Confused About Where Fed Policy Is Heading? Don’t worry. Professional forecasters are too

If you’re confused about where interest rates will end up in 2023, you’re not alone. A new poll by the National Association for Business Economics reveals a wide disagreement among its members about whether interest rates will go up or down.

Earlier this month, the Fed raised interest rates by half a percentage point to between 0.75% and 1%. It was the biggest hike since 2000. Fed Chair Jerome Powell said the central bank is poised to raise interest rates by the same amount in June and July and bring the federal funds rate to 1.75-2% by August.

When asked where the Fed’s policy rate will be by the end of 2023, the lowest five median forecasts predict the Fed will reverse course and cut its policy rate to just under 1%.

The top five median forecasts assumed that the Fed would raise interest rates further to just under 4%.

The median of the full sample expected the Fed’s interest rate to hit 3% by the end of next year.

The survey of 53 professional forecasters was conducted in early May.

The yield of the 10-year Treasury note TMUBMUSD10Y,
is expected to rise to 3.25% over the same period.

On one thing, economists agreed: The Fed won’t return inflation to its 2 percent target until 2024 or later, the survey showed.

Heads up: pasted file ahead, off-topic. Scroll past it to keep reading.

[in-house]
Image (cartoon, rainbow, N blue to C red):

The good news is that a large majority of economists expect inflation to peak sometime this year. Just over a third of economists believe inflation peaked in the first quarter.

There was a lot of discussion in the survey about a possible recession. More than half of economists think a recession will be at least 25% next year.

Fed policy was seen as the main downside risk to the US economy, closely followed by a global growth slowdown due to the Russian invasion of Ukraine.

More than 75% of economists said risks to economic growth this year are weighted down.

The economists polled have lowered their annual GDP forecast to 1.8% this year, down from their previous forecast of 2.9% in February. The economy is expected to recover to a growth rate of 2.3% in 2023.

The unemployment rate should remain stable at 3.6% over the next 18 months. Confused About Where Fed Policy Is Heading? Don’t worry. Professional forecasters are too

Brian Lowry

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